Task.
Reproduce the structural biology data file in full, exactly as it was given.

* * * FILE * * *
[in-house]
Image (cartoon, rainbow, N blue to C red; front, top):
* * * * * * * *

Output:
[in-house]
Image (cartoon, rainbow, N blue to C red; front, top):